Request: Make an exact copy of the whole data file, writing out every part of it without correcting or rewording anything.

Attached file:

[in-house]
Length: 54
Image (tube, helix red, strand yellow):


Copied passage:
[in-house]
Length: 54
Image (tube, helix red, strand yellow):